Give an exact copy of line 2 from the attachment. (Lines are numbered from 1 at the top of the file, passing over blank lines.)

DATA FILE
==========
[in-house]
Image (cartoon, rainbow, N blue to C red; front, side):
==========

Image (cartoon, rainbow, N blue to C red; front, side):